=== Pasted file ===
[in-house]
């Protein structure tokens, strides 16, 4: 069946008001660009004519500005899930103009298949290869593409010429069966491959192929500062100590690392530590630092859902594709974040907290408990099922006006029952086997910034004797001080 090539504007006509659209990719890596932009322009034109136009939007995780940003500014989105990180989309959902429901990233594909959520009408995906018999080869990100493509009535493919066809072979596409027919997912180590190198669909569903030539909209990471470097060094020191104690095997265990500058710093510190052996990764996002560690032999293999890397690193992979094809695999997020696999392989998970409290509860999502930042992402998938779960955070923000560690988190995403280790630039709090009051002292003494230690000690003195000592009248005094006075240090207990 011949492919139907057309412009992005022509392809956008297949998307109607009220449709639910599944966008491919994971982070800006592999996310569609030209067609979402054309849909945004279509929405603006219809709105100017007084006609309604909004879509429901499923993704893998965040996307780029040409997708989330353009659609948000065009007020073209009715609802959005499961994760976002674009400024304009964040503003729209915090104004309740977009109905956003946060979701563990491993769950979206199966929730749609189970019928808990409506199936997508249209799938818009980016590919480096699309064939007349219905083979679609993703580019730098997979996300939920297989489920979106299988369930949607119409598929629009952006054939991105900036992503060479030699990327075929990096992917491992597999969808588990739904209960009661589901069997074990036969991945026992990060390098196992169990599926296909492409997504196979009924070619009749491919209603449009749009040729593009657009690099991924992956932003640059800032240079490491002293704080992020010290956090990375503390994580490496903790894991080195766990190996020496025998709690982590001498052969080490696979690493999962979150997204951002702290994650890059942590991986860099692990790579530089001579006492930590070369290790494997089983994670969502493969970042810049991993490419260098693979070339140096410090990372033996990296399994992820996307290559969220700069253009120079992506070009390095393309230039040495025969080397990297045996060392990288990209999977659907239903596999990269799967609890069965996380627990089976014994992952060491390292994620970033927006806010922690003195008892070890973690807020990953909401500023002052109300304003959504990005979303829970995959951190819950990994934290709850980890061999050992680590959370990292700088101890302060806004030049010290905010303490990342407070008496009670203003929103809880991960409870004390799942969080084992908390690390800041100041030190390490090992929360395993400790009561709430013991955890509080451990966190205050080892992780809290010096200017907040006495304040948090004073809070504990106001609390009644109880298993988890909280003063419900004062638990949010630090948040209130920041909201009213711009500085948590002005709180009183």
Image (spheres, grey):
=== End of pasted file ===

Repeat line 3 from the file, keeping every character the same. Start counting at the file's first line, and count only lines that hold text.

Image (spheres, grey):